• new Lifetime ISA (“LISA”) available to under 40s from April 2017 „
  • pensions tax relief unchanged for now „
  • lifetime allowance confirmed as down to £1m (from £1.25m) for the 2016/17 tax year, with protections available for those already over the new limit „
  • annual allowance (including the complex new regime for high earners starting on 6 April 2016) unchanged „
  • pensions salary sacrifice continues and, unlike some forms of salary sacrifice, appears safe from further change for now „
  • shake-up of financial guidance and advice with knock-on impacts on disclosure requirements for pension schemes, and an increased tax break for employer-funded financial advice „
  • increased incentive to pay termination payments into pension schemes as there will be employer NICs on payments over £30,000 from April 2018 „
  • technical changes to make certain aspects of last year’s flexibilities work better „
  • tax rules on bridging pensions to be aligned with new single-tier State pension „
  • employers participating in public sector pension schemes will pay higher contributions from 2019-20 „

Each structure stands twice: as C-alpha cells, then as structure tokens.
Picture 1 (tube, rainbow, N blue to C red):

• Pensions Dashboard to be funded by the industry so individuals can view all their pensions at once

As you were, for now

The lack of change to the pensions tax regime will be welcome news to employers and trustees, particularly whilst last year’s major pensions and tax legislative changes continue to bed in.

The Chancellor has not given up on revolutionising pensions tax relief, merely held off for now. The response to the consultation consisted of a summary of the views received and an assertion that there was no consensus. A substantive Government response was conspicuous by its absence.

It may be that the LISA is being used to test the water and that we will see more and bigger of the same in the future. There was no mention of auto-enrolment, which may be telling. Could there be a change of policy to come?

LISA versus pension

We compare LISAs and pensions.

Click here to view table.